As the weather has taken a turn for the better the spring flowers, many of them pollen and nectar producing, are in full flower much to the delight of our colonies of bees.
But as you can see from the main picture it is time to get those mouse guards off, or the front of the hive will become very congested as fully-laden bees return, ‘bashing’ into those leaving by the main and only entrance.
It is now time to start those 7 Day Inspections to see what’s going on in the Brood Chamber and ensure the Queen has plenty of room to continue laying.
I’ve removed some deep combs from the Brood chamber which are jam packed with food, they haven’t had to use this winter/ spring, and replacing them with fresh drawn comb or foundation so they can expand the Brood nest.
It is too early yet to split up the Brood so I always put these new frames on either side of the sealed Brood, Grubs or eggs and then the remaking frames of food next to the outside walls of the hive.
Okay – who is not ready with a spare hive full of frames of Foundation and say one older drawn brood frame? There are swarms about already! Please don’t get caught out, even those of you whose bees ‘never swarm’. Be prepared is the best way forward. ‘Failing to plan is planning to fail’.
Those colonies that intend to swarm, and with this warm weather about there will be a few, have already had scout bees out and about looking for a new residence.
I always put a Floor, Brood chamber full Foundation and one only Brood comb, empty super and crown board out at about head height near to where I can see it when I walk out my back door. The idea behind this is that it is away from the main colonies so should attract the scout bees and most importantly I can see it every time I go out into the garden giving me an early warning to check my colonies if I see a load of scout bees “sniffing around”
I was at an experienced Apiarist’s house in the week and he has his Bait Hive on his garage roof which he can see from the kitchen table when having his breakfast in the morning – absolutely ideal.
But please remember if a swarm does move in where ever you put it, you have to get it down in one piece and it can then weigh an awful lot more than putting all those separate hive parts up. So strapping it together does help as would a ‘buddy beekeeper.’
Bailey Comb Change
This is a method of changing all of the ‘older tatty’ Brood Frames on a strong hive without affecting production of young bees or the honey crop.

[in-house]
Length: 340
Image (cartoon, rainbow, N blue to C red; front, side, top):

This hive is a National, overwintered on a single Brood chamber with the mouse guard still in place and is ripe for a full Brood chamber Comb change.
What you will need is a second Brood chamber full of new frames and foundation.
Take off your roof and crown board, smoke the bees down a little and then find the Marked Queen on a frame, which you should place into the new broodchamber of Foundation. The spare frame of Foundation put into the gap in the old/ bottom broodchamber or they will fill it with ‘wild comb’
Turn the mouse guard around to block the front entrance.
Then put your Queen excluder and thin wooden frame with an entrance at the front on top of the old Brood chamber.
New broodchamber with Foundation in and Queen on old comb on top then your crown board and feeder if necessary.
If there is a nectar flow on there is no need to feed, just put another Queen excluder on top of the new broodchamber, supers on that then the crown board and roof.
After a week check all is going well and then after 21 days all the Brood in the bottom Brood chamber will have hatched and you can remove it to recycle the old frames and comb.
Then you revert the colony to normal take out mouse guard, take off Bailey Change Queen excluder and replace with a normal Queen excluder
If you would like to try this and I repeat only with a strong colony and you need help making or acquiring a “Bailey Comb change Queen excluder” (BCQE) please speak with Brian or Chris who will soon put one together for you.
If you struggle to find the Queen just put new broodchamber on top of the old one with no excluder in between and once Queen is breeding in the top broodchamber, then slip the BCQE between and close lower entrance hopefully keeping the Queen in the top broodchamber.
If that doesn’t work call in your mentor or experienced Beekeeper.
The BBKA have produced the laminated sheet, below, to help you with the process and we have a few to distribute at the association apiary, cost £1.00 and No! you don’t get a copy of the other side until you pay your money.
Not the only bees in Town!
We will see lot of solitary and Bumble Bees on the wing at the present time and these nesting houses do work very well, I’ve used old bean sticks here to deal with the over crowding of the commercially made upper bee hous
Next month – We will look at Swarm Control and what to do if you find Queen cells in your Brood chamber or a swarm sitting in your garden – even worse in your neighbour’s garden!
But again you will need a spare hive or Nuc box …..